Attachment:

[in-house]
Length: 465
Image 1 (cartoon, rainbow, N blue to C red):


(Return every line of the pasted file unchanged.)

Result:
[in-house]
Length: 465
Image 1 (cartoon, rainbow, N blue to C red):